Bellamy v. City of New York, No. 17-1859 (2d Cir. 2019)

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Justia Opinion Summary

Plaintiff filed suit under New York state law and 42 U.S.C. 1983 against the City and others, alleging that each were responsible for constitutional infirmities that infected plaintiff's criminal trial, caused his wrongful conviction, and resulted in damages. The district court granted defendants' motion for summary judgment.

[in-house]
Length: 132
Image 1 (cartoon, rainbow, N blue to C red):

The Second Circuit held that plaintiff raised material issues of fact as to certain, but not all, of his claims that detectives fabricated and withheld material evidence. The court also held that the City may be held liable for the consequences of the alleged policies of the Queens County District Attorney's (QCDA) office under the Monell doctrine, and that plaintiff has raised material issues of fact as to the underlying constitutional violations: the non-disclosure of financial benefits received by one of the state's principal witnesses and impropriety of his prosecutor's summation. Accordingly, the court vacated in part, affirmed in part, and remanded for further proceedings.